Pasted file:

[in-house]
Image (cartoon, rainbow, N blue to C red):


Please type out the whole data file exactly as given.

[in-house]
Image (cartoon, rainbow, N blue to C red):